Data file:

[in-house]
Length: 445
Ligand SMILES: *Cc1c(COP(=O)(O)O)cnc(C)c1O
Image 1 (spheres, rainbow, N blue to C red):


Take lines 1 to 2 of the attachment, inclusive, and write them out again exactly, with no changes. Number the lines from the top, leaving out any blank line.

[in-house]
Length: 445